Riverside’s Pachappa Camp Officially Recognized as the First Korea Town in U.S.

Pachappa Camp, the first Korean settlement in the U.S. established by Dosan Ahn Chang Ho

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Attendees at the The Riverside City Council on Tuesday, Dec. 6. [Photograph in courtesy of Dosan Ahn Chang Ho Organization]

Pachappa Camp has been named as a Riverside’s historic Korea Town.

The Riverside City Council on Tuesday, Dec. 6., voted 5-0 to make the camp the city’s first point of cultural interest, a new designation for significant places where no historic buildings remain. Also the Council will conduct a signboard hanging board ceremony on March 23rd, 2017 to commemorate the historic day, March 23rd, 1904, when Dosan moved to Riverside.

At the meeting, Dosan Memorial Foundation Chairperson Dr. Mike Myung Ki Hong, Dosan’s youngest son Ralph Ahn, and Ethnic Studies Professor Ed Chang of Young Oak Kim Center at UC Riverside explained about the importance of Pachappa camp’s historic recognition.

The city’s Historic Preservation Officer Erin Gettis said city officials spent six months doing additional research to prove the camp’s legitimacy as the nation’s first Korea Town, and they presented the documents and video of births, deaths and social activities records in Pachappa Camp.

“I am really proud and feel a sense of responsibility about this achievement that the City Council approved Pachappa Camp as the first Korea settlement in the U.S,” said Dosan Memorial Foundation Chairman Dr. Mike Myung Ki Hong, at the meeting. “Also I appreciate the Korean communities who supported the claim. Pachappa Camp is the place where Dosan’s spirit had started, so I am convinced that it will be an inspirational site for Korean communities in the U.S. and even in other countries.”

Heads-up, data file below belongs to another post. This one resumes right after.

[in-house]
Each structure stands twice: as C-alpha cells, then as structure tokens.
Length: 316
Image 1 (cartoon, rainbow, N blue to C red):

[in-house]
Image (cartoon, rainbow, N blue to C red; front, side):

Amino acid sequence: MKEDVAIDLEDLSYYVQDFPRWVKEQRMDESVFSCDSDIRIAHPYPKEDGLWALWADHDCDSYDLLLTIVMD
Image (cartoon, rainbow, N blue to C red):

Pachappa Camp was the Korean settlement where Dosan and his wife, Helen Lee, moved from San Francisco in 1904. Pachappa Camp was originally housed by Chinese immigrants who built the Santa Fe Railroad in the 1880s. Dosan established a Korean labor bureau and 17 residential facilities, residing with 70 Korean immigrants who worked at the citrus groves. It was also called as “Dosan Republic,” officially recorded as the Korean Settlement until 1937 on the New York Sanborn Map company’s insurance map, which was published in 1908.

 

Original article by The Korea Daily Los Angeles
Translated by Narae Lee

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